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The use of silence as an indication of danger


The English Patient: The interrogation scene
Walter Murch Film-maker
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On another note, there is a torture scene that happens between Caravaggio, the Willem Dafoe character, and the German major, who has been tasked with interrogating him. He has photographic evidence of Caravaggio's duplicity that he actually is a spy for the British. Even though he's American, he's working for the British. And we, the audience know that. But the Germans have just found it out. And they try to get information from him. And the threat that the German uses to convince Caravaggio to confess these elements is how many names... I will exchange names for fingers. If you don't give me any names, I will cut off your fingers. If you give me any names, I will cut off fewer. And is a thumb a finger, I don't know? He goes into these kind of metaphysical discussions of what should... And this terrifies Caravaggio, of course.

And the nice thing about the scene, and the way it's performed is, you don't know if this is simply a threat that... Interrogators frequently use threats, but they don't intend to do anything. They are good enough actors to convince the interrogatee that I'm really going to do this. So it's a game of chicken. And it's implied indirectly that the major is not really going to do this. Very well played by Jürgen Prochnow, I think is the actor. And I had been reading the author, Malaparte, who I had met when I was... Or I had met his work when I was editing Unbearable Lightness of Being in Lyon. I had gotten a book, ironically, nothing to do with anything because it was on cosmology. But the author quoted a story of Malaparte's which was so compelling that I had to find out: who was this author? And I tumbled into a wide open rabbit hole that was Malaparte's books, and I became fixated on this fascinating author. And he was part German. His father was German, although, his mother was Italian. And he was born in Italy. He had a German last name, which was irritating to him because he wanted to be Italian. And so he changed his name. His author's name was Malaparte. His real, biological name was Suckert. Anyway, he'd made the observation that Germans in war were fine as long as you did not exhibit weakness. That if you were in a duelling situation with them, if you were both strong, everything was fine. As soon as you began to exhibit weakness, this drove the German psyche, according to Malaparte, to exhibit even more cruelty. And made this person plead for mercy, which made the Germans even more revengeful. So the thing you didn't want to do in that situation was exhibit weakness. You had to be strong. And then, you might get out alive, or only little damaged.

But I was thinking this, and thinking, 'Well, is there a moment here?' Because he threatened to cut off the thumbs. What causes him to actually do it? And I found a line reading, where Caravaggio says, 'Don't cut me.' And then, I found another line reading. And in the scene he only said it once. But I found another line reading in another take, where he said it slightly differently, and a little more wounded. 'Please, don't do it.' And so I constructed the scene for him to say it. And that got the major's attention. And then, he says it again with even more pleading in his voice. And at that moment the major decides, 'I am going to do it. I'm actually going to do it.' And so he puts things in motion to do this, which he might not have done – the implication is – if Caravaggio had been: 'Sure, cut off all the fingers you want. You know, I'm not going to tell you any... You know, whatever.'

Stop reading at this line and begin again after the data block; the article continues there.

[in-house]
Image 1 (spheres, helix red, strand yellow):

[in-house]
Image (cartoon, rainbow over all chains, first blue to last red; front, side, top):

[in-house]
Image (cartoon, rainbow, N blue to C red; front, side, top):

Born in 1943 in New York City, Murch graduated from the University of Southern California's School of Cinema-Television. His career stretches back to 1969 and includes work on Apocalypse Now, The Godfather I, II, and III, American Graffiti, The Conversation, and The English Patient. He has been referred to as 'the most respected film editor and sound designer in modern cinema.' In a career that spans over 40 years, Murch is perhaps best known for his collaborations with Francis Ford Coppola, beginning in 1969 with The Rain People. After working with George Lucas on THX 1138 (1971), which he co-wrote, and American Graffiti (1973), Murch returned to Coppola in 1974 for The Conversation, resulting in his first Academy Award nomination. Murch's pioneering achievements were acknowledged by Coppola in his follow-up film, the 1979 Palme d'Or winner Apocalypse Now, for which Murch was granted, in what is seen as a film-history first, the screen credit 'Sound Designer.' Murch has been nominated for nine Academy Awards and has won three, for best sound on Apocalypse Now (for which he and his collaborators devised the now-standard 5.1 sound format), and achieving an unprecedented double when he won both Best Film Editing and Best Sound for his work on The English Patient. Murch’s contributions to film reconstruction include 2001's Apocalypse Now: Redux and the 1998 re-edit of Orson Welles's Touch of Evil. He is also the director and co-writer of Return to Oz (1985). In 1995, Murch published a book on film editing, In the Blink of an Eye: A Perspective on Film Editing, in which he urges editors to prioritise emotion.

Listeners: Christopher Sykes

Christopher Sykes is an independent documentary producer who has made a number of films about science and scientists for BBC TV, Channel Four, and PBS.

Tags: torture, German, major, David Caravaggio, weakness, fingers, interrogation, Curzio Malaparte, Kurt Erich Suckert, thumb, psychology

Duration: 5 minutes, 29 seconds

Date story recorded: April 2016

Date story went live: 29 March 2017